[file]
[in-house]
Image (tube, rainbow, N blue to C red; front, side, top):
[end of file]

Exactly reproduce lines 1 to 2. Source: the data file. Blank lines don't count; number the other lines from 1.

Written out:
[in-house]
Image (tube, rainbow, N blue to C red; front, side, top):